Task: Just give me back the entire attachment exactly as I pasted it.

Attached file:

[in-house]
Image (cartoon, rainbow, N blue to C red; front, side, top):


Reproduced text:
[in-house]
Image (cartoon, rainbow, N blue to C red; front, side, top):